question mark

My father-in-law left land to my mother-in-law, stating that it goes to the kids. A conflict has erupted. Now she wants to sell it so the kids will quit fighting. My mother-in-law is saying she wants the checks made to the kids separately. Would it be better tax-wise for her to just sell it and split the money, and if there are any federal or state taxes to be paid, just let the kids give her the money?

Inherited real estate and land can be tricky. Should the recipient sell?

Quite often when people inherit land, they do wish to sell it afterwards. For example, if you leave your home to your children and they already have homes of their own or live in different parts of the country, they will normally want to sell that home.

Whether or not you mention that possibility in your will has important tax consequences for your children as mentioned by FOX Business in a recent article titled How to Deal with Disputes Over Inherited Land.”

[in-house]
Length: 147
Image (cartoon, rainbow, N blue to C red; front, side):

As the article notes, if the sale of the land is directed in the will with the proceeds to be split between any heirs, then the land is still treated as property of the estate and any taxes are paid by the estate. There is also a step up in basis benefit for capital gains tax purposes.

However, if the sale is not directed in a will, then the heirs have to pay the taxes out of their respective shares of the proceeds.

Finally, if one person is left the property and decides to sell it to give the proceeds to the others, there are gift tax issues that need to be considered.

When leaving any type of land to your heirs, you need the assistance of an experienced estate planning attorney to make sure it is done in a manner that will minimize potential taxes.

Reference: FOX Business (November 4, 2014) How to Deal With Disputes Over Inherited Land

For more information on asset preservation and estate planning, please visit my estate planning website.

Mr. Amoruso concentrates his practice on Elder Law, Comprehensive Estate Planning, Asset Preservation, Estate Administration and Guardianship.